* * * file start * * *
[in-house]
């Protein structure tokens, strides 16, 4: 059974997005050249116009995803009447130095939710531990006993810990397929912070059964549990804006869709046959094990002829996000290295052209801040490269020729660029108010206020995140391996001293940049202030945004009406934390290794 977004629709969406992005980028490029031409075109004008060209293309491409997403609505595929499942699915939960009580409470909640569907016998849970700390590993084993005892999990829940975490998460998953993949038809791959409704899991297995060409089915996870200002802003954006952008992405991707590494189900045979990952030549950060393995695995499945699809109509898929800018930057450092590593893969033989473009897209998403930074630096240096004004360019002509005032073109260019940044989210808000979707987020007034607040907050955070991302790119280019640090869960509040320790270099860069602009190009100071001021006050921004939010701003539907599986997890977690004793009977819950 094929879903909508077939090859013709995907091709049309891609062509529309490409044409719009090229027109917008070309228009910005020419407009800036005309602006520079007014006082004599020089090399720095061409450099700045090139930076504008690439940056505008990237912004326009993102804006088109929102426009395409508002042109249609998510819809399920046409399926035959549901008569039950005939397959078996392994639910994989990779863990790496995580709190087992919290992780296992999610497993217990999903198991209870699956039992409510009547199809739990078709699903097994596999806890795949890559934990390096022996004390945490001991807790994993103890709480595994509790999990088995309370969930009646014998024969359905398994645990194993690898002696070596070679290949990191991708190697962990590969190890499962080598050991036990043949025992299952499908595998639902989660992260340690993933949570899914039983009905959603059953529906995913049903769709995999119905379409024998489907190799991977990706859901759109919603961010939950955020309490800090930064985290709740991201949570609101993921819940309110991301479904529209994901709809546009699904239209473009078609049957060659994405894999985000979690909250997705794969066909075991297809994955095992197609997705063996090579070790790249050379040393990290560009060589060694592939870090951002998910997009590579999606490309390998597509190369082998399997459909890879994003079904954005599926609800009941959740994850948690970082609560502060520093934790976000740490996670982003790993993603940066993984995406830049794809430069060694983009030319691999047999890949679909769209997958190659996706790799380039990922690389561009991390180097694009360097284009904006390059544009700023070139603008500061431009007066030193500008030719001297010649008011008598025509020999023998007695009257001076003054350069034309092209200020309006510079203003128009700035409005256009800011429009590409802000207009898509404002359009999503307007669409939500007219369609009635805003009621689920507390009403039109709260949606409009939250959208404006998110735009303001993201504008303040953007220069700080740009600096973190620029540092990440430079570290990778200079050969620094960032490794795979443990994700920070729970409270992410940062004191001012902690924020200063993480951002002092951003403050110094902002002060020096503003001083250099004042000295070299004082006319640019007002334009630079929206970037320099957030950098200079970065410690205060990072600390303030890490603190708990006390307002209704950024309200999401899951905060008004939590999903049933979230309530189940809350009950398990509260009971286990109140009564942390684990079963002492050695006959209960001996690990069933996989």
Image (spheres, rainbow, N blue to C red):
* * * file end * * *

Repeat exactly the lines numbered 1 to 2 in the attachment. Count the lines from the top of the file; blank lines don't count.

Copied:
[in-house]
């Protein structure tokens, strides 16, 4: 059974997005050249116009995803009447130095939710531990006993810990397929912070059964549990804006869709046959094990002829996000290295052209801040490269020729660029108010206020995140391996001293940049202030945004009406934390290794 977004629709969406992005980028490029031409075109004008060209293309491409997403609505595929499942699915939960009580409470909640569907016998849970700390590993084993005892999990829940975490998460998953993949038809791959409704899991297995060409089915996870200002802003954006952008992405991707590494189900045979990952030549950060393995695995499945699809109509898929800018930057450092590593893969033989473009897209998403930074630096240096004004360019002509005032073109260019940044989210808000979707987020007034607040907050955070991302790119280019640090869960509040320790270099860069602009190009100071001021006050921004939010701003539907599986997890977690004793009977819950 094929879903909508077939090859013709995907091709049309891609062509529309490409044409719009090229027109917008070309228009910005020419407009800036005309602006520079007014006082004599020089090399720095061409450099700045090139930076504008690439940056505008990237912004326009993102804006088109929102426009395409508002042109249609998510819809399920046409399926035959549901008569039950005939397959078996392994639910994989990779863990790496995580709190087992919290992780296992999610497993217990999903198991209870699956039992409510009547199809739990078709699903097994596999806890795949890559934990390096022996004390945490001991807790994993103890709480595994509790999990088995309370969930009646014998024969359905398994645990194993690898002696070596070679290949990191991708190697962990590969190890499962080598050991036990043949025992299952499908595998639902989660992260340690993933949570899914039983009905959603059953529906995913049903769709995999119905379409024998489907190799991977990706859901759109919603961010939950955020309490800090930064985290709740991201949570609101993921819940309110991301479904529209994901709809546009699904239209473009078609049957060659994405894999985000979690909250997705794969066909075991297809994955095992197609997705063996090579070790790249050379040393990290560009060589060694592939870090951002998910997009590579999606490309390998597509190369082998399997459909890879994003079904954005599926609800009941959740994850948690970082609560502060520093934790976000740490996670982003790993993603940066993984995406830049794809430069060694983009030319691999047999890949679909769209997958190659996706790799380039990922690389561009991390180097694009360097284009904006390059544009700023070139603008500061431009007066030193500008030719001297010649008011008598025509020999023998007695009257001076003054350069034309092209200020309006510079203003128009700035409005256009800011429009590409802000207009898509404002359009999503307007669409939500007219369609009635805003009621689920507390009403039109709260949606409009939250959208404006998110735009303001993201504008303040953007220069700080740009600096973190620029540092990440430079570290990778200079050969620094960032490794795979443990994700920070729970409270992410940062004191001012902690924020200063993480951002002092951003403050110094902002002060020096503003001083250099004042000295070299004082006319640019007002334009630079929206970037320099957030950098200079970065410690205060990072600390303030890490603190708990006390307002209704950024309200999401899951905060008004939590999903049933979230309530189940809350009950398990509260009971286990109140009564942390684990079963002492050695006959209960001996690990069933996989």